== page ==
Wednesday, February 16, 2011

The Merry Misogynist by Colin Cotterill

Funny, entertaining and mischievous. Colin Cotterill has created a wonderful old character called Dr. Siri Paiboun an old doctor who was called out of retirement to become ( the only)coroner of the newly established(and very inefficient)Peoples Democratic Republic of Laos. Dr. Siri and his morgue associates make great fun of the bureaucrats and the corruption while adapting to the new regime. He is always in trouble with the public housing authority because he takes odd people in the live at his home.

He fancies himself somewhat of a detective; when the authorities find the body of a young girl tied to a tree and very much mutilated, Dr Siri decides to find the culprit. An thus begins a fascinating mystery and search for a killer. The story follows the killer as he plans and executes his mutilation of the girls as well as Dr, Siris actions.

Mr Cotterill lives in the Gulf of Thailand; he has many books to his credit; I have read “The Coroner’s Lunch” and “Ageing Disgracefully” which is a collection of very humorous short stories. There are others that I will get on my Kindle. Read him when you find him.

The Templar Salvation by Raymond Khoury

Interesting and very well researched novel; a prologue starts us off in the year1203 in the city of Constantinople. Templar knights are attempting tom break into the imperial library to find documents that, if presented to the world, would shake the faith of the Christian religion. The Templars want the old writings to blackmail the church to release fellow Templars. They are successful but while making their escape they are duped by some old monks who discover the signifigance of what they are carrying and murder the lot and hid the loot.

The scene changes to the present day in the Vatican where an FBI agent, Sean Reilly along with an Iranian posing as Professor are attempting to get into the secret archives to find an old document relating to the extermination of the Templars and the secrets they kept.

A popular plot used by many authors but never have I met such a mean, vicious and nasty antagonist as the Iranian who wants to expose the secret to the world and create havoc among Christians in the United States. This novel moves like lighting; action and history in every chapter. Some brutal stuff.

FBI agent Reilly keeps missing his opportunity to take out the bad guy and the story goes back and forth between now and the 13th century. I recommend it; Khoury also wrote“The Last Templar”

Thursday, February 10, 2011

The Emperor"s Tomb by Steve Berry

“The Emperor’s Tomb” Steve Berry

Once again, Cotton Mather a former U.S. Justice Department investigator and now a rare book seller in Denmark finds himself in the middle of intrigue and danger when a former friend who is being held prisoner and tortured by the Chinese uses his name as some- one the Chinese would be interested in.

The old Premier has two likely successors, both are ambitious and ruthless and intend to change China(for the better or for the even worst). We learn a lot of the history of China, the double dealing of politics and the extreme measures that ambitious people take to obtain power. The plot revolves around the theory of abiotic oil which postulates the oil is not finite, but rather, a natural phenomena that renews itself from the earth’s core and the devious actions of two men trying to take control of the worlds most populated country.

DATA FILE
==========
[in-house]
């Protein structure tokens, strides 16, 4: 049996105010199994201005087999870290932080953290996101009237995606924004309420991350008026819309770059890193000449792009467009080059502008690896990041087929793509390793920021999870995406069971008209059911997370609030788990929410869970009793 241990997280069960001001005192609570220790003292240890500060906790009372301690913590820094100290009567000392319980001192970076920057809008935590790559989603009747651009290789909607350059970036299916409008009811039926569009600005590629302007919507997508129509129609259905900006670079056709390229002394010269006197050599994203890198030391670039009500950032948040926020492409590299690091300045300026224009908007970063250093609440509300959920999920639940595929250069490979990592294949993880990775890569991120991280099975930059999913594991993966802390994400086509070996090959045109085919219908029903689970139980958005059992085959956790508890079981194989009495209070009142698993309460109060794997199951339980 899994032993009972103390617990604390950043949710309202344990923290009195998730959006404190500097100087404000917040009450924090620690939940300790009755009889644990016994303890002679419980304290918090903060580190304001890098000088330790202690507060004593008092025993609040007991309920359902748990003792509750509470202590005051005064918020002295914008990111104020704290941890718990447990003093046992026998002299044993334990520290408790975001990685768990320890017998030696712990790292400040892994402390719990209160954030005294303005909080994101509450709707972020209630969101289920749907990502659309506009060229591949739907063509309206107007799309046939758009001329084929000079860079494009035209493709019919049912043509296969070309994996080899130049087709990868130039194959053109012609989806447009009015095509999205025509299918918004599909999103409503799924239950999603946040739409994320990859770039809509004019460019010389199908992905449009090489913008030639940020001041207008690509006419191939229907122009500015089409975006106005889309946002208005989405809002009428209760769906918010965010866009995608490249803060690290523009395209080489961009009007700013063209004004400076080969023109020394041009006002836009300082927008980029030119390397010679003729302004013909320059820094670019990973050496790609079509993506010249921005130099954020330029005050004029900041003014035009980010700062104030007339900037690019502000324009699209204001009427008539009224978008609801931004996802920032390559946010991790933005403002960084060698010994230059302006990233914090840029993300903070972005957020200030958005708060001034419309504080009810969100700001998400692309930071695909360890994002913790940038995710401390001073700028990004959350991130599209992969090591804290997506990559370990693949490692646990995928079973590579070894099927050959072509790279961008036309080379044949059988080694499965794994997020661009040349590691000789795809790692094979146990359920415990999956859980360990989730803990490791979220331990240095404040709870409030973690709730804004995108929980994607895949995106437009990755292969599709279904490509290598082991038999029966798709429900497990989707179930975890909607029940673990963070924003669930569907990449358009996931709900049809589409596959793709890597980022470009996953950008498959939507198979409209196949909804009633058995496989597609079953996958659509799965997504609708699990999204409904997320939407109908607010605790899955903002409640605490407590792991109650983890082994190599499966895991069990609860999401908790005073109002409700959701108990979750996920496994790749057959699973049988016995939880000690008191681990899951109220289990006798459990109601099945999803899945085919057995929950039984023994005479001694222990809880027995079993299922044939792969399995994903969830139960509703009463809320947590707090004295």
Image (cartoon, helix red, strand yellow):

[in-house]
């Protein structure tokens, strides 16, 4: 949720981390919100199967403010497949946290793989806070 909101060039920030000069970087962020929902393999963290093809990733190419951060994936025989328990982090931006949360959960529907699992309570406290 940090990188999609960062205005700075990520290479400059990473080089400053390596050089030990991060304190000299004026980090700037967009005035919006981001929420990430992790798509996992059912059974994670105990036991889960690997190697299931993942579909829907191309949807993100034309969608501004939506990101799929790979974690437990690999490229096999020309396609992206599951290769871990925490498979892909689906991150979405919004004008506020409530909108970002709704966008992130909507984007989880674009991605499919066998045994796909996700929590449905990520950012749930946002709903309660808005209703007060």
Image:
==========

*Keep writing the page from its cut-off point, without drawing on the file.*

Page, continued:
Mr. Berry, as usual, did a splendid job creating his very believable characters and a very exciting adventure.

Sunday, February 06, 2011

I am Back!!!

After six months of serious problems with my blog I seem to be able to post again.The many books from the library and my Kindlerun through my mind but it is difficult to discuss any single one. Instead here is a list of some of them:
The Emperor's Tomb by Steve Berry
Cleopatra: A Life by Stacy Schiff
Fifty Candles by Earl D. Biggers(in the early 30s)
The Agony Column Earl D. Biggers (He created Charlie Chan after a real Chinese detective)
The Cavalier with The Yellow Doublet by Arturo Perez Reverte
The Confession by John Grisham
Cold Mountain by Charles Frazier(second reading-really great)
War and Peace by Leo Tolstoy(I keep re-reading- just love it!)
The Currents of Space by Isaac Asimov
The Autobiography of Benjamin Franklin by Benjamin Franklin
Cross Fire by James Patterson
The Floating City by Pamela Hall (Early Hawaii)
Old Books.Rare Friends by Leona Rostenberk and Madeline Stern
The Red Tent by Anita Diamant
Deliver Us From Evil by Baldacci
The Throne of Saturn by Allen Drury (writer from the 70s-very popular-space and politics)
Long Ride Home by Louis L"Amour
Lots more: will get them later, I remember the names but not the authors

A lot of fiction but with our world as messed up as it is, this is my escape. I was pleased to see over 3700 hits on my little blog; happy I can interest some lookers; many thanks to my followers and my family, Claudia in particular who tells me about books she has read and lends me material from her library. Winter has been hard this year: I miss my bicycle and outdoor activity although I must admit(reluctantly)that with birthday 84 coming up soon, I am slowing down a lot.
I believe that one of my posting problems had to do with my changing my e-mail. is no longer active but I must use it to post on my blog. MY NEW ADDRESS IS

My best to all!!!